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Genesis of a Historical Novel

Tuesday, January 09, 2007


When I was keying my last post four days ago, I made mention of the pneumonia I got in 1990. Even as I typed, I was starting to feel irritations in my chest, and was coughing as though I'd inhaled dust. As the evening wore on, I coughed more and more; I realized I'd become infected with something somehow.

I started on a program of echinacea and goldenseal in water. It seems that I have held it down to a mild chest-cold, whose symptoms are now mostly gone. So far, it has not gone into my head. I'm taking it easy.

Kimmie reluctantly and grouchily returned to work Monday morning, the alarm-clock again launching us from bed in the dark of 5:30. For my part, I feel ridiculous reporting that I yet again turned back to the notes for my proto-chapter 25, a large Word document that now runs to (shudder) 58 pages. What had I written in there?

I have reviewed the notes before, more than once. Indeed, I have gone through them with Word's yellow highlighter, marking up the "keepers". I read through those.

You know: my notes are good. I surprise myself with the profundities I get involved with. As I've said before, I don't want to tip my hand too much here as to the specifics of my thematic maunderings; that should wait at least until after publication--possibly until after death, or possibly until after the last trumpet-call.

In my case, research means more than background research; it entails what amounts to original research. By this I mean that I assess material from various sources, and develop connections and theories of my own, as a scholar would. This is necessary, among other reasons, because of the disparate types of material I seek to bring together. I need to find what I think is true, even if this means solving paradoxes or finding factual solutions to gaps or inconsistencies in the historical record. It's a gargantuan task.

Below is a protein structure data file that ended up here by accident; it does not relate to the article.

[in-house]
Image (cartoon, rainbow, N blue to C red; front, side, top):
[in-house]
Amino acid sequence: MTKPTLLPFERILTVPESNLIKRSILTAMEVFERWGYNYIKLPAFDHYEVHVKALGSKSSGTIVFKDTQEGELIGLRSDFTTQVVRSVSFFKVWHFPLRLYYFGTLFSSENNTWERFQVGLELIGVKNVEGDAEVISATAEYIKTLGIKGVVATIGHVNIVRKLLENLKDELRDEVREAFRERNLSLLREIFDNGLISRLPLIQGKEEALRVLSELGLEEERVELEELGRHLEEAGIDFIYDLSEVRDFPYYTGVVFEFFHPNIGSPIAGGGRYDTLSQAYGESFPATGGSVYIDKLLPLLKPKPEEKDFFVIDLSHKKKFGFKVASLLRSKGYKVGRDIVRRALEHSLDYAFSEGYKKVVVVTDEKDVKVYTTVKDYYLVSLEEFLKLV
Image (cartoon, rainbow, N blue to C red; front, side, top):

When I reopened my notes document, I saw that I started keying regular notes in it back in June 2006. There was a gap over the summer, as my mind was straying and I lost momentum, then I picked it up again in the fall. Seeing this one document, one chapter's notes, stretch back over so much time filled me with nausea.

Yes, nausea.

Still, the notes themselves are good; they are sound.

Would I rather have rubbishy half-baked junk published and being read, or carefully crafted gems lying quietly in the dark, never seen? My actions seem to point to the latter.

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  • Everytime I look over my notes, thoughts, and journal scribblings about A Lamentation of Swans, I feel a bit like Mr. Casaubon. d:)

    By Anonymous dayya, at January 12, 2007 10:39 AM  

  • Thanks, Debra--I got a chuckle out of the Casaubon reference. The egghead's egghead. I really like the BBC production of Middlemarch, and have always had a soft spot for Casaubon.

    By Blogger paulv, at January 12, 2007 5:16 PM  

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